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STOCKTON, Utah (AP) -- Two Cold War-era containers with leaking mustard agent were found this week in storage igloos at a chemical destruction site.
There were no injuries or damage to the environment in discoveries Monday and Tuesday at the Deseret Chemical Depot, said U.S. Army civilian spokesman Chuck Sprague.
About a cup of molasses-thick mustard leaked from the 155mm munition found Tuesday at the site about 45 miles southwest of Salt Lake City.
"Typically, mustard will ooze out near the warhead, and ooze out over the side and down the round side of the projectile," he said.
Only vapor contained inside the igloo was discovered in Monday's incident.
The agents were found when a plastic hose from a mobile chemical detection van was placed inside the igloos during routine inspections.
"They have a sniffing device they hook up that igloo in front, where they can analyze the ambient air inside these closed igloos," Sprague said.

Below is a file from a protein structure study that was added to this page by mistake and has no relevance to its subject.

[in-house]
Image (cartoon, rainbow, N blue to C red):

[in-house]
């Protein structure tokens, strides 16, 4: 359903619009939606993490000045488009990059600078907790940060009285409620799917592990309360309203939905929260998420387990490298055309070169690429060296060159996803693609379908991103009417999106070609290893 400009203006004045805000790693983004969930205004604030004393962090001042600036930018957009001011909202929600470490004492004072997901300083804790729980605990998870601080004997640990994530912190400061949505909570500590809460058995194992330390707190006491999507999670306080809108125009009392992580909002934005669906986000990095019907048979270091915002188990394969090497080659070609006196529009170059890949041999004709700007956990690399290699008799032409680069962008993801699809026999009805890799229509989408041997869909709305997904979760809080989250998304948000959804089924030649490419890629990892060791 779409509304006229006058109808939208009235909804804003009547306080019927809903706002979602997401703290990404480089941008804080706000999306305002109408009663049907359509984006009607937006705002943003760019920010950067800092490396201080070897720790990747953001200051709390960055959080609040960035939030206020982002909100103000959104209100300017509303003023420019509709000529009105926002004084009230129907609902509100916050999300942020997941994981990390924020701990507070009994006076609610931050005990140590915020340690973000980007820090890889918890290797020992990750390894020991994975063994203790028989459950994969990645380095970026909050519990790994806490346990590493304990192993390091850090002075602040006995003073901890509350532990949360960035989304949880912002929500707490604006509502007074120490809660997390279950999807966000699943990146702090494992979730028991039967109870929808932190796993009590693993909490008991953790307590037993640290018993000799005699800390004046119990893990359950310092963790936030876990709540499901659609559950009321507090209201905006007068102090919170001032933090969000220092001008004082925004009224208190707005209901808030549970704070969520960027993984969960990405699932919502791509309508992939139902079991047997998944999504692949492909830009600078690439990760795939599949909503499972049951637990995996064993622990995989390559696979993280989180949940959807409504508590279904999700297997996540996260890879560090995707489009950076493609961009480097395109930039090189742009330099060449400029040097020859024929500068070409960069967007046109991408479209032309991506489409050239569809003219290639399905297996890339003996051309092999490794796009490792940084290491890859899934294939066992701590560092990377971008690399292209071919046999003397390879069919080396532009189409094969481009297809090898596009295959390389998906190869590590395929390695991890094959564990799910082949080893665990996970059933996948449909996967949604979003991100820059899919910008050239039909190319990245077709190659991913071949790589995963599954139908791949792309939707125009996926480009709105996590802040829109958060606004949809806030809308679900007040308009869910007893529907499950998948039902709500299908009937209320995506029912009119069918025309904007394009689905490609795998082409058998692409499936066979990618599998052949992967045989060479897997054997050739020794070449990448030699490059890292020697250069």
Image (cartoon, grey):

Crews wearing protective suits decontaminated the affected areas and packed the leaking projectiles into air-tight containers for continued storage and eventual destruction.
Temperature extremes apparently help lead to the leaks of the munitions, made during or before the Cold War as a military deterrent.
"This seems to be the time of year we have leakers with mustard emissions," Sprague said.
"Mustard turns into a solid at 58 degrees," he said of the problem that diminishes in the winter.
The Deseret Chemical Depot started destroying the nation's largest stockpile of chemical weapons in 1996.
(Copyright 2003 by The Associated Press. All Rights Reserved.)